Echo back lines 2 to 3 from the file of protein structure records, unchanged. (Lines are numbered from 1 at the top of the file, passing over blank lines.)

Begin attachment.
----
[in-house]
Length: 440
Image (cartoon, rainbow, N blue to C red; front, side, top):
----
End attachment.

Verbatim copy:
Length: 440
Image (cartoon, rainbow, N blue to C red; front, side, top):